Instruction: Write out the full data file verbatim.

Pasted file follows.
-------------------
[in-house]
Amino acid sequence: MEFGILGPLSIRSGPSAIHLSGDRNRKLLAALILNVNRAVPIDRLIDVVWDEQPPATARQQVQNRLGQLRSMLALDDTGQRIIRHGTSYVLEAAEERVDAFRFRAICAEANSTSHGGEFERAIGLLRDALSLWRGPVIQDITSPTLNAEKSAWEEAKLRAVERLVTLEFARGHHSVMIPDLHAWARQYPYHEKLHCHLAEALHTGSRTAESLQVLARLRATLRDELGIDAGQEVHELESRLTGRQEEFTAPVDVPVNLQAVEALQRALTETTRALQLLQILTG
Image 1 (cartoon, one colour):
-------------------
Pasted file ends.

[in-house]
Amino acid sequence: MEFGILGPLSIRSGPSAIHLSGDRNRKLLAALILNVNRAVPIDRLIDVVWDEQPPATARQQVQNRLGQLRSMLALDDTGQRIIRHGTSYVLEAAEERVDAFRFRAICAEANSTSHGGEFERAIGLLRDALSLWRGPVIQDITSPTLNAEKSAWEEAKLRAVERLVTLEFARGHHSVMIPDLHAWARQYPYHEKLHCHLAEALHTGSRTAESLQVLARLRATLRDELGIDAGQEVHELESRLTGRQEEFTAPVDVPVNLQAVEALQRALTETTRALQLLQILTG
Image 1 (cartoon, one colour):